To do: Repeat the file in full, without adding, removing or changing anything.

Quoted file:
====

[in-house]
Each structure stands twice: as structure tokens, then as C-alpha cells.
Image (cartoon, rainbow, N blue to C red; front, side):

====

[in-house]
Each structure stands twice: as structure tokens, then as C-alpha cells.
Image (cartoon, rainbow, N blue to C red; front, side):